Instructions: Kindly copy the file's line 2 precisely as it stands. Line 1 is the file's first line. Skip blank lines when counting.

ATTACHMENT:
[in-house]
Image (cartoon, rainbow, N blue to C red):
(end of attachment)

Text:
Image (cartoon, rainbow, N blue to C red):